Explore The NRA Universe Of Websites

APPEARS IN Legal & Legislation

U.S. Supreme Court Gives Broad Reading to Federal Firearm Prohibition for "Domestic Violence"

Friday, March 28, 2014

Since 1996, the so-called "Lautenberg Amendment" (named for its sponsor, Senator Frank Lautenberg (D-NJ)), has banned the acquisition or possession of firearms by anyone convicted of a "misdemeanor crime of domestic violence."  Applicable crimes are limited to those that have "as an element, the use or attempted use of physical force, or the threatened use of a deadly weapon" and that are committed by persons with a specified relationship to the victim, such as a current or former spouse or a parent.   The prohibition applies no matter when the offense occurred and can include convictions that predated the 1996 law.

Over the years, federal appellate courts have differed on what degree of "physical force" is necessary to trigger the disability.  Questions have also arisen over whether a conviction could count if it occurred under a statute that covered both acts requiring force and those that did not (such as simply scaring the victim).  Thanks to the U.S. Supreme Court's ruling last Wednesday in United States v. Castleman, one of these questions has now been resolved in a way that gives the federal prohibition its broadest possible reading.

James Alvin Castleman was convicted in Tennessee of "having intentionally or knowingly caused bodily injury" to his child's mother.  The statute in question could be violated in three separate ways: (1) intentionally, knowingly, or recklessly causing bodily injury to another; (2) intentionally or knowingly causing another reasonably to fear imminent bodily injury; or (3) intentionally or knowingly causing physical contact with another in a manner that a reasonable person would regard as extremely offensive or provocative (whether or not injury resulted).   The "injury" requirement of the first offense type was broadly defined to include a cut, abrasion, bruise, burn, disfigurement, physical pain, or temporary impairment of a bodily member, organ, or mental faculty.  Thus, the statute could be violated with no physical force whatsoever or very minor, non-injurious physical force.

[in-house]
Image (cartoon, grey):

Castleman claimed that his conviction did not trigger the federal disability, because Congress only meant to prohibit those convicted of domestic violence.  Thus, he claimed, the only statutes that could count were those that could only be violated by committing violent (or more than nominal) physical force.  A statute that could be violated by mere offensive touching (pushing, shoving, poking, grabbing, etc.) should not count.

The Court disagreed and found that as long as the statute required some degree of offensive physical contact for a violation to occur, a conviction under that statute would trigger the federal disability.  It did not, however, reach the question of whether broad statutes like Tennessee's, which could be violated with or without force, would always be counted.  This was because Castleman had admitted he was convicted under the most demanding test of the statute, that requiring actual physical injury.  The Court reasoned that any injury, no matter how slight, must require the use of at least some "physical force."